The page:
In short, the creation of a Palestinian state – a centralized, unified bureaucratic apparatus, that rules over the occupied territories – is a bad idea whose time has come. It is not going to lead to peace: quite the opposite. That’s because neither side wants peace, and this is quite obvious from their demands: the Israelis demand the “right” to build settlements on other people’s property, and the Palestinians continue to insist on the “right of return” – a “right” I’m waiting to be exercised in the United States. Is the UN going to demand that we give most of the country back to the Indians? (Then they can turn Wall Street into a giant casino – oh, wait ….)

Since neither sides wants peace, there will be none. Given these intractable circumstances, we must withdraw from the role of “broker,” which the American conceit of exercising “world leadership” at every opportunity has made mandatory. We have no interest in the creation of yet another radical Arab state which is bound to turn against us, no matter what we do, or how we vote in the UN. We must also withdraw as Israel’s shield and chief financier: that, indeed, is the very first step we can and must take in order to extricate ourselves from the most dangerous trouble spot on earth.

At the point where the world’s three great Abrahamic religions meet, there the seismic plates of civilization brush up against each other – to inevitably violent effect. The creation of a new state in the very epicenter of this seismic disturbance is just asking for an earthquake of epic proportions.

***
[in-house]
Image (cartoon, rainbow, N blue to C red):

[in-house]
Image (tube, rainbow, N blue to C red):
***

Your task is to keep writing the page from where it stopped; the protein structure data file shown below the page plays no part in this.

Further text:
With some few exceptions, the rest of the world is amenable to transitional solutions of one sort or another – some reform, short of full-fledged libertarianism achieved overnight, which will ameliorate the crisis and help find a peaceful way out. Not in Palestine. There the only solution is radical and immediate decentralization of power, in both the occupied territories and Israel proper – that is, the separation of mutually hostile populations into mini-“states,” with each community exercising its right of secession, street-by-street. This would, at least, reduce the scale of the violence, and rob the haters of their power to impose an extremist “solution” on the rest.

Short of that, there is nothing to be done to advance the “peace process” even by a single inch: aspiring to the role of “world leadership” doesn’t mean trying to do the impossible. Not all problems have solutions, and the recognition that we have done what we can – while making the situation far worse – is key to forging a new policy that puts our own interests first.

In vetoing the Palestinian resolution before the Security Council, the US will be doing the right thing for the wrong reasons. The desire to placate the Israel lobby – especially after the Democrats’ defeat in Brooklyn – is not a motivation that any honorable government will acknowledge, but that is the core reason for the Obama administration’s stance, and a shameful one it is. It is particularly egregious in light of what we’ve done in Libya, and this is yet another reason why they hate us: since we’ve gone into the business of creating new Arab states, why not give the Palestinians what they see as their just due? This inconsistency is already backfiring in our faces, as our Egyptian allies stand by while mobs storm the Israeli embassy, and Turkey – our NATO partner – breaks relations with Tel Aviv.

The US government’s self-appointed role in the region as mediator and “peace” broker is a textbook example of how interventionism leads to the exact opposite of its ostensible objectives. We tout a “peace process” that has only produced more war and stick our noses into snake pits where they don’t belong. Then we wonder why we get bitten.

Read more by Justin Raimondo